Chromebook Deployment in Southside Virginia

Student typing on computer.

During the January SVRTC meeting, members from seventeen SVRTC school divisions (Amelia, Brunswick, Buckingham, Charlotte, Cumberland, Danville, Franklin City, Halifax, Hopewell, Lunenburg, Mecklenburg, Nottoway, Petersburg, Pittsylvania, Prince Edward, Prince George and Sussex), with a total of twenty-nine professions were present to learn how Danville City schools distributed Chromebooks to their students. 

Cori Sowers, Lead Instructional Technology Resource Teacher at Danville Public Schools, shared how they started the process in 2016 with parent/student sessions to discuss Do’s and Don’ts with the Chromebooks.  She also discussed student/parent responsibility and the equipment agreement and equipment use policy and the district’s policy on fees in case of damaged devices. Her presentation included the Google Sheets used to keep the deployment of devices organized across the personnel involved in deployment, technical support and damages, as well as the collection of devices. Here is a link to her presentation, “1:1 Chromebook Deployment”.  The presentation also includes blank organizational templates for others to copy and use.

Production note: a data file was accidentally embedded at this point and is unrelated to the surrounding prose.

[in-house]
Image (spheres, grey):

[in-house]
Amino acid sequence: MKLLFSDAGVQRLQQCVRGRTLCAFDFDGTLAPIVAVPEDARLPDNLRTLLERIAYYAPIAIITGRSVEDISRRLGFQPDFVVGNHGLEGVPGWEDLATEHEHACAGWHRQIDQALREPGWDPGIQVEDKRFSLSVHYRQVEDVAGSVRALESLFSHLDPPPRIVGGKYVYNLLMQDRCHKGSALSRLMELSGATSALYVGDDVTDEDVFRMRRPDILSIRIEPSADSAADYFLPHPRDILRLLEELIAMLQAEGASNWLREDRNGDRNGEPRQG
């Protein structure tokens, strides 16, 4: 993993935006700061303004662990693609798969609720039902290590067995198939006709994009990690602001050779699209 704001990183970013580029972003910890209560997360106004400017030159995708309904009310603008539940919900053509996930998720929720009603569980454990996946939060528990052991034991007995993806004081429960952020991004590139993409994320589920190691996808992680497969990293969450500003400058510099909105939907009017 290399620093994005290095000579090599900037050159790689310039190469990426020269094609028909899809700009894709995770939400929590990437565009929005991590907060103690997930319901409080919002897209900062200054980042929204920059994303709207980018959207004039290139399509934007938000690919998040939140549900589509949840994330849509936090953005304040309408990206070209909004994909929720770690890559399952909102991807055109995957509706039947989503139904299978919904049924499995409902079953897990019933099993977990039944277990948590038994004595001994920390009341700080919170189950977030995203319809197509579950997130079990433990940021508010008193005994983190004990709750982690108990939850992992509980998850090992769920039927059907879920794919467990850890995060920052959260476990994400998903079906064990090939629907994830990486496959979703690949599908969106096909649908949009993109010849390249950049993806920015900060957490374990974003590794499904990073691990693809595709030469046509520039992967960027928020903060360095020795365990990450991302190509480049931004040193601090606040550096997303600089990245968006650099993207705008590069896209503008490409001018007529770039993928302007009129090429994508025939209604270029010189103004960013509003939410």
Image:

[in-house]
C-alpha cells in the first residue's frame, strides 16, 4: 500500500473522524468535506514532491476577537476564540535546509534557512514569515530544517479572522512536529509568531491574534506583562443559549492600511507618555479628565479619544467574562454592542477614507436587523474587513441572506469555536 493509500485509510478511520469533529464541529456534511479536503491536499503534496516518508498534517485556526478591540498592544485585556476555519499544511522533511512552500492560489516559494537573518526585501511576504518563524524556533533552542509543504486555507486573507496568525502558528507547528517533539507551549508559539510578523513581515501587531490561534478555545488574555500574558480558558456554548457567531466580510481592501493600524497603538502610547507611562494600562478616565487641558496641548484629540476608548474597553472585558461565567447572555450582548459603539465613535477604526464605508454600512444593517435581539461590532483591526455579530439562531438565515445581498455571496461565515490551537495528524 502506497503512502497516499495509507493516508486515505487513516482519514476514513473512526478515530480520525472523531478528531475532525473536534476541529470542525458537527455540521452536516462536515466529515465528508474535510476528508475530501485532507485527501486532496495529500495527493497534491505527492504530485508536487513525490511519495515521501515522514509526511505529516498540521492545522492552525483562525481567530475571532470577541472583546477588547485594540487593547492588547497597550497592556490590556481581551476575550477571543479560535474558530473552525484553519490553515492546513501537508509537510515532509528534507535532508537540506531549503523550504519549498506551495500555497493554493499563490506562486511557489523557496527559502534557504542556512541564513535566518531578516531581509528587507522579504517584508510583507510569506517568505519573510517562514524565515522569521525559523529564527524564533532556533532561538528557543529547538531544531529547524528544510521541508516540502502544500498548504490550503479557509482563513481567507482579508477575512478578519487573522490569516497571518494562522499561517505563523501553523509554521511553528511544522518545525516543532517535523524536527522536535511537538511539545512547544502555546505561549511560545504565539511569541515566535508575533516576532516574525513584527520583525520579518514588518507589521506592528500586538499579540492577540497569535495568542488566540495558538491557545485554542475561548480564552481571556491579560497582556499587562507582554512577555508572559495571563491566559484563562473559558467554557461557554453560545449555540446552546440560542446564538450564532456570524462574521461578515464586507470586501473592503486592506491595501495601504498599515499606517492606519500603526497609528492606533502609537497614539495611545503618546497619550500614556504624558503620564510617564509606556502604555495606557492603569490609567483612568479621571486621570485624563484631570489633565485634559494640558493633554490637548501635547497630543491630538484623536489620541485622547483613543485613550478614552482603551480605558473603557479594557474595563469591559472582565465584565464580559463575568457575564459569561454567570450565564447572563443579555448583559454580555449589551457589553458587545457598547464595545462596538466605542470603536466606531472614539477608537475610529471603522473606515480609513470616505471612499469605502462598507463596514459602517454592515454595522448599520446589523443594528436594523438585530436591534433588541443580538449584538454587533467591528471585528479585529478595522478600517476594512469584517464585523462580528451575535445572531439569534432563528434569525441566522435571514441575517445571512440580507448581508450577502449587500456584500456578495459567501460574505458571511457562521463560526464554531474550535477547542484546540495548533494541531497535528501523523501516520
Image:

STEAM Night and Computer Science in Virginia

30+ people sitting in chairs facing a projection screen.
Attendees listen to the presenters as they learned about what made Nottoway’s STEAM night successful.

There was a great turn-out at the November SVRTC meeting that included thirty-six members from sixteen SVRTC school divisions (Amelia, Appomattox, Brunswick, Buckingham, Charlotte, Cumberland. Danville, Dinwiddie, Franklin City, Greensville, Hopewell, Lunenburg, Mecklenburg, Nottoway, Pittsylvania, and Prince Edward). 

Members learned from Nottoway Public School educators, Annah Bowen and Judy Deichman, as they presented on the planning and implementation of a free STEAM Night event that attracted over 450 students and had an estimated attendance of over 1,000 participants.   Students and their families were able to visit over twenty stations that included drones, virtual reality, a LEGO wall, Bluebots, a Dome Theater, and many others.  They suggested their community outreach and partnerships with local businesses helped make the night a success.

Adults facing a screen in a dim room.

A second presenter, Megan Graybill from Salem County Public Schools, provided members with an overview how her county was addressing the new computer science standards.  Time was spent discussing the computer science standards and how they can be correlated to activities and content that are already being taught in the classroom.

WordPress Appliance - Powered by TurnKey Linux